When the Hesperia City Council voted on June 20 to add a sign reading "one nation under God" to the council chambers, they were doing more than just adding a decorating touch to the room: They were also the latest government body to become involved in an ongoing debate over the separation of church and state.

In 2004, the United States Supreme Court considered a case originally brought by a California atheist who objected to his daughter being forced to include the words "under God" in the daily pledge of allegiance at school. (The words have been part of the United States Pledge of Allegiance since 1954.) The court eventually chose to not render a decision on the words and the question of whether their inclusion violates the constitutionally mandated separation of church and state, but instead threw the case out on technical grounds.

That same year, the county of Los Angeles bowed to complaints -- including a threatened lawsuit by the American Civil Liberties Union -- about a cross appearing in the county's official seal and removed the image.

The potential for a similar lawsuit in Hesperia did occur to Hesperia City Council members, they said.

"In my mind, it came up, but not with discussing with other council members," Mayor Rita Vogler said. "It's amazing to me how we get away from the important things in life, the simple things. Is it religion? 'One nation under God?' I don't say that's religion; that's informing us of who we are as a nation."

"It's in our pledge," Mayor Pro Tem Mike Leonard said. "We say our pledge every meeting. They say the pledge in school, or they used to, in school."

"It was a factor, but not necessarily a negative factor," Councilman Tad Honeycutt said. "I did think about that, I did consider that, as a possibility. ... I think it's a good way to honor our historical heritage of our country."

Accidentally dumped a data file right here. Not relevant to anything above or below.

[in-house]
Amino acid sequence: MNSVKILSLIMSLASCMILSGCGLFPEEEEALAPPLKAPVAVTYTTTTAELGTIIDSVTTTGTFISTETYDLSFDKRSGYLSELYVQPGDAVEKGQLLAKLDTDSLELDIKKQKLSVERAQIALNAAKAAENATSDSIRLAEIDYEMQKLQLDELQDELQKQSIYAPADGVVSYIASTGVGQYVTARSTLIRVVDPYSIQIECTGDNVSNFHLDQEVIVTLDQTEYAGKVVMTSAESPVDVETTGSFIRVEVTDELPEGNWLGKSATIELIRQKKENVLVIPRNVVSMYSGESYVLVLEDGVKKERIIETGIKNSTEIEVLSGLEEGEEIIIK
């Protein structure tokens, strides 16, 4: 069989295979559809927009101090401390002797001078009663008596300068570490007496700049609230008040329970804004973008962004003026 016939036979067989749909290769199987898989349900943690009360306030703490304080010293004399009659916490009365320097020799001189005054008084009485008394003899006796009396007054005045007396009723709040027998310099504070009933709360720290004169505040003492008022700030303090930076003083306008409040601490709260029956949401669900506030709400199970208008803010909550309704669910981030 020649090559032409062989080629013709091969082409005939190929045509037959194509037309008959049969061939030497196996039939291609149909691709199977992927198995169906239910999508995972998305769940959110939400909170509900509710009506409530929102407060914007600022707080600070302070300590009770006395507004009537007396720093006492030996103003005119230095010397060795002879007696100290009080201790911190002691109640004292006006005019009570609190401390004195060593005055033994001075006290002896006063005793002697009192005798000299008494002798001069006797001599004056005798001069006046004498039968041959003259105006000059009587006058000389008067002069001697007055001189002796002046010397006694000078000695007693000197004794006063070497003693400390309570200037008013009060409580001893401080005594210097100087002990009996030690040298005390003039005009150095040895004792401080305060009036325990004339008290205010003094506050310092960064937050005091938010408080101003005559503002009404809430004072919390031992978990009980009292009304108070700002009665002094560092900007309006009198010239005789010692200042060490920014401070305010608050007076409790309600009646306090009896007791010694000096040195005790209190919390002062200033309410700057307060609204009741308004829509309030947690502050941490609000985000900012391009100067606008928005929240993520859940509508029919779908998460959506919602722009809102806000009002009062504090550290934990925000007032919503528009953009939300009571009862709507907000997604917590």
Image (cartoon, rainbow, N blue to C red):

City attorney Eric Dunn did not include any legal advice on the issue in the agenda packet given to council members prior to the June 20 council meeting. Agenda packets include dozens of pages of background information intended to help the council make decisions.

The five-member council voted unanimously to add the sign to council chambers.

If the day comes where someone does file a lawsuit regarding the phrase, it may well end up coming down in lieu of the city paying for an expensive court battle.

"Obviously, I won't go crazy with taxpayer dollars, but I think it's time for cities and states and counties to stand up for who we are," Vogler said. "I've gotten some letters that ... are expressing some concerns about one nation under God."

"'In God We Trust' has been through the court system and has been fine," Leonard said. "Someone needs to make an issue of it. It won't be us; we can't afford it. I don't know how you could justify spending taxpayer money on a lawsuit."

"I kind of feel like when they take the Ten Commandments out of the [United States] Supreme Court [building], maybe then we should worry," Honeycutt said. "What difference would it make, having that phrase in Hesperia?"

"I would hope that more communities would get behind us," Vogler said.

Beau Yarbrough can be reached at 956-7108 or at beau@hesperiastar.com.